Digital comics retailer ComiXology announced on Saturday that it was "retiring" its existing iOS applications for iPhone and iPad and replacing them with a new version that does not include the ability to make in-app purchases, one of the platform's most signature and popular features. The iOS app's storefront is simply gone, leaving only a reader app in its place. Going forward, iOS users will have to pursue the less direct path of buying their digital comics from ComiXology's Web interface and later syncing them to their devices using the new app. This process circumvents Apple -- whose iTunes App Store takes 30% of all in-app purchases from all vendors in the IOS marketplace -- and thereby presumably frees up more profit for comic book publishers and/or comic book creators.
Presently, ComiXology's branded iOS apps for DC, Marvel, Image and IDW are working as they have been. The Android app has also been updated, and users can make in-app purchases with a new integrated storefront instead of through Google Play.
The news comes just a couple of weeks after ComiXology and Apple rival Amazon.com announced that the latter was acquiring the former, and the new iOS process resembles that which Amazon's Kindle customers have followed to use those products on Apple devices.
Comic creators looking to sell their self-published or indie comics in Amazon's Kindle store now have a way to make it happen with the new Kindle Comic Creator, a tool the e-commerce giant quietly rolled out last week.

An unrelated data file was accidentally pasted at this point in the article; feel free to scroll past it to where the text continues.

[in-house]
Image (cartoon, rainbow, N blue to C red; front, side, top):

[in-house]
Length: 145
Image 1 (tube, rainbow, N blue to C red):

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Like some lucky readers out there, I got a Kindle Fire for the holidays. It was a complete surprise, especially considering that I didn't ask for one, and didn't even really want one. Despite all the good news I'd heard about the Comixology app, my tactile orientation made it hard for me to get along with the idea of digital comics, but being so poor I only bought maybe a dozen comics last year has changed my opinion. Discounted
Amazon let loose its new lineup of Kindle readers today, but the arguably most impressive -- and the most sexy -- is the Fire, an iPad-like $199 multitouch tablet with an emphasis on multimedia entertainment. Though it doesn't pack the power of the $499+ iPad 2, the Fire's free Amazon cloud storage, Flash-supporting Silk web browser and other features might interest those in the market for a tablet. The device's 7" diagonal display may make it less attractive to consumers than th
For some reason there have always been people eager to read comic books on traditional e-readers like Amazon's Kindle, even with the advent of full-color, multi-purpose devices like Apple's iPad. Those e-reading comics fans will
Despite the industry norm of translating printed comics to digital formats, Archaia Comics is experimenting with a digital-to-print model with its debut of the new "Tumor" graphic novel by Joshua Fialkov ("Elk's Run") and Noel Tuazon ("Graphic Classics").
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